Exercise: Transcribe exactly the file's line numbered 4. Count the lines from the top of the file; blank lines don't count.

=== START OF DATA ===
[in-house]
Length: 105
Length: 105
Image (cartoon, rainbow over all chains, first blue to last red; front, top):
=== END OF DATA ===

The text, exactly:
Image (cartoon, rainbow over all chains, first blue to last red; front, top):